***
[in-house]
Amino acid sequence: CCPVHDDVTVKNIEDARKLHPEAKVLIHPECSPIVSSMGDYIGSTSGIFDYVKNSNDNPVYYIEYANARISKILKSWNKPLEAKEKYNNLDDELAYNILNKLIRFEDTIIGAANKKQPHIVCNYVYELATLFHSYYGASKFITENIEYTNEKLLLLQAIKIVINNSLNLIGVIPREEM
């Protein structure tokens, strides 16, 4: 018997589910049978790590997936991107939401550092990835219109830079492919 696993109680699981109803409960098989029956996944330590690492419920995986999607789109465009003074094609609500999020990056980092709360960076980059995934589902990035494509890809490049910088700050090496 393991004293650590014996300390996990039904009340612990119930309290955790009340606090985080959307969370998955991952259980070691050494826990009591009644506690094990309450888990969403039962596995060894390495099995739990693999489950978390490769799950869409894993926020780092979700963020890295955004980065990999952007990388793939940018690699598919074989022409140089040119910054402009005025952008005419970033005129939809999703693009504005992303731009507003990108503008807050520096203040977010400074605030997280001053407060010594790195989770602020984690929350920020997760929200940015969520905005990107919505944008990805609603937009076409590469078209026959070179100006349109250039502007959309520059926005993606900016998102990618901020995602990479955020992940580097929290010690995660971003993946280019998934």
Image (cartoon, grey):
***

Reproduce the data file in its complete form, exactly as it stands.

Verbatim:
[in-house]
Amino acid sequence: CCPVHDDVTVKNIEDARKLHPEAKVLIHPECSPIVSSMGDYIGSTSGIFDYVKNSNDNPVYYIEYANARISKILKSWNKPLEAKEKYNNLDDELAYNILNKLIRFEDTIIGAANKKQPHIVCNYVYELATLFHSYYGASKFITENIEYTNEKLLLLQAIKIVINNSLNLIGVIPREEM
């Protein structure tokens, strides 16, 4: 018997589910049978790590997936991107939401550092990835219109830079492919 696993109680699981109803409960098989029956996944330590690492419920995986999607789109465009003074094609609500999020990056980092709360960076980059995934589902990035494509890809490049910088700050090496 393991004293650590014996300390996990039904009340612990119930309290955790009340606090985080959307969370998955991952259980070691050494826990009591009644506690094990309450888990969403039962596995060894390495099995739990693999489950978390490769799950869409894993926020780092979700963020890295955004980065990999952007990388793939940018690699598919074989022409140089040119910054402009005025952008005419970033005129939809999703693009504005992303731009507003990108503008807050520096203040977010400074605030997280001053407060010594790195989770602020984690929350920020997760929200940015969520905005990107919505944008990805609603937009076409590469078209026959070179100006349109250039502007959309520059926005993606900016998102990618901020995602990479955020992940580097929290010690995660971003993946280019998934």
Image (cartoon, grey):